Watch: Biden Gets Confused on 'Kimmel Live,' Demands Ban on Fictional Gun Accessories


On Wednesday night, President Joe Biden made his first appearance on a nighttime talk show since his inauguration. He received some of the softest questions imaginable from host Jimmy Kimmel on “Jimmy Kimmel Live,” but he still found a way to screw it up.

One of Biden’s gaffes during the interview came when Kimmel asked him about gun control. This has been the hottest topic in the Biden administration lately, in part because it is one of the only issues the administration believes Democrats have a chance of campaigning on.

During the discussion, the president claimed that “people have 300 rounds in a magazine” — a ridiculous remark.

Biden started by telling Kimmel he had met with “every single family member” of the students and teachers who were killed in the recent school massacre in Uvalde, Texas.

“They stayed with me for almost four hours, over 200 of them, meaning family and extended family. And the stories they told and the pain you could see on their faces, it just made you, I mean, it just, it leaves such a …”

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Sensing Biden was beginning to flounder, Kimmel cut him off and asked another pandering question.

“Shouldn’t we demand that every senator in the United States sit with those families?” Kimmel said, drawing applause from the audience.

To be clear, no one on either side of the political aisle wants these families or any others to suffer the pain and loss they have experienced. Every decent person agrees that children should not be killed by deranged criminals.

The debate is about the best way to address such tragedies and prevent them from happening to the best of our abilities.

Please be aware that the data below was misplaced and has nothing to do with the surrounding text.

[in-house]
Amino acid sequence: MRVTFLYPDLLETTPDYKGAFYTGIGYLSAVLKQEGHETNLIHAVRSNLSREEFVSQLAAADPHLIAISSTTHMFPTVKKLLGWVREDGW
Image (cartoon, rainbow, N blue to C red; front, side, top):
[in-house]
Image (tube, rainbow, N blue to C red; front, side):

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With this specific question, the late-night host was implying Republicans are ignoring the pain these families are feeling. Kimmel was suggesting that if we force senators to sit with the families of the victims, the senators will immediately change their minds regarding which policies will best prevent future mass shootings.

The implication itself is absurd. Republican lawmakers are already well aware of the problem and the pain these families are feeling. Again, the disagreement is not about whether mass shootings are evil, but rather about what needs to be done to address this evil.

With that said, Kimmel’s question was a complete softball for Biden. All the president had to do was say senators who sat down with these victims might gain a new perspective on gun laws. That probably isn’t true, but it is the answer Kimmel was fishing for, and it would have played perfectly with Biden’s base.

Instead, the president went off the rails.

“I think we should make the demand,” Biden said. “Here’s what has to happen. All of you folks … you got to make sure that this becomes a voting issue.

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“It’s gotta be one of those issues where you decide, ‘Your position on the issue, senator or candidate for House or Senate, on what we’re gonna do with assault weapons and how … people have 300 rounds in a magazine, what you say on those things is gonna determine how I’m gonna vote for you.’ It should be one of those issues.”

For the first half of this spiel, Biden’s point was at least coherent. He wants Americans to demand that candidates push for widespread gun control.

Yet as he is prone to do, the president went off-script and talked about magazines that hold 300 rounds. Such magazines do not exist for any firearms a civilian can legally purchase.

The most popular rifle magazines hold 20 or 30 rounds, although some states have set a limit of 10 or 20. The biggest can hold 100 rounds.

There is no magazine for a legally obtainable rifle capable of holding 300 rounds.

Biden’s inability to understand basic facts about guns shows exactly why he should not be trusted to make substantial decisions about who can have them.

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Grant is a graduate of Virginia Tech with a bachelor’s degree in journalism. He has five years of writing experience with various outlets and enjoys covering politics and sports.
Grant is a graduate of Virginia Tech with a bachelor's degree in journalism. He has five years of writing experience with various outlets and enjoys covering politics and sports.